Though I was a video gamer from a young age, playing Atari and NES, I didn’t get into PC gaming until I was in middle school.
My first home PC was a simple IBM with no hard drive. I played games directly off a 3.5” diskette and could only play shareware versions of Where in the World is Carmen Sandiego? and use Print Shop Pro to print on the DOT Matrix Printer. As time went on it became difficult to find games I could play that only had one disk…luckily we eventually upgraded our PC to one with a moderate hard drive (I think around 120 mb or so) and a whole new world of gaming opened up.
This was when I was introduced to shareware versions of Wolfenstein 3D, Blake Stone, and eventually Doom.
These represent the first person shooters I ever played, and some of the earliest entries into the genre. My friend Mike provided me with Wolfenstein and eventually Blake Stone. We played both shooting games on the 8th grade newspaper computer instead of actually working on the school newspaper (I don’t know if we even had one) until we got caught.
Wolfenstein 3D was fascinating, killing all those Nazis in castle hallways. Hearing their low-fi German shouts (“Halt!” “Guten Tag!” “Mein Leben!” “Schutstaffel!”) and eventually working up to fight some strange version of Adolf Hitler in terminator armor.
Blake Stone is almost forgotten now, but it was a sci-fi game of the same making. I remember the blue-green gun and the mad scientist and green alien bad guys. Blake Stone was another one Mike and I played in English class (right behind the teacher if I recall…) and, though I never played it at home, it really got me into the corridor shooter game.
When Doom came out it changed the dynamic for me. Released from the corridors, you now moved through expansive locales and multiple-story levels. I played it on shareware, only the first few levels and I played them over and over. It’s the first “god mode” I ever used (IDDQD!) and even more often I’d use IDKFA for all weapons.
I played Doom relentlessly. I was one of the few individuals who bought a Sega 32X and even though it didn’t have a lot of games I truly enjoyed the ones it had. I listened to Use Your Illusion I & II and played Doom for months on my 32X as a middle schooler.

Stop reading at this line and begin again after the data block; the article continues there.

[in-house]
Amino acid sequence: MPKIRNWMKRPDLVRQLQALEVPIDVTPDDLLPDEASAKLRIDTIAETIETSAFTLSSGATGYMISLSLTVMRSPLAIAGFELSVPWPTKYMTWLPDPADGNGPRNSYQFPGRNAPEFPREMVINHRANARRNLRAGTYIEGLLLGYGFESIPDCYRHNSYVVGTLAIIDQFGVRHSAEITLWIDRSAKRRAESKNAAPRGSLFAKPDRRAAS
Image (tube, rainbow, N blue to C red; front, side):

Once my PC could handle it I finally got a copy of Ultimate Doom and Doom II at the local Media Play and swapped the dozens of disks to install them. It was this era when you could play a game for months…even years. Turn on some midi music and play Doom for hours just as a time waster. I can’t even remember how many homework assignments I blew off to kill the Cyberdemon yet again…
I actually remember it being a controversy at the time: did Doom make kids violent? It was ludicrous to me. Doom was as realistic as a cartoon (though a tad gorier than most I’ll admit) and it would follow that kids would only learn how to kill cacodemons with a keyboard while wielding a pixelated plasma rifle… How that equates to loading a pistol I’ll never understand. I’d say unless you’re a spiked imp throwing fireballs on screen and I’m a crew cut face wielding a video-chain gun society should be safe.
Doom really stands as the last first person shooter I really loved. Others came along (Duke Nukem 3D shortly after the Doom era…Kingpin when I was in college) but none really captured that Wolfenstein–Doom feeling for me. Now it’s one of my least favorite genres, burdened with a heavy emphasis on multiplayer (I’ve said it a million times…I deal with idiots all day in my real life…I don’t need to deal with anonymous idiots during my leisure time…) and less on long campaigns I could put on some music and kick back to they haven’t appealed to me.
So here’s to the 90s first person shooter. Turn on the game, turn off your brain, and enjoy some mindless (but entirely harmless) violence!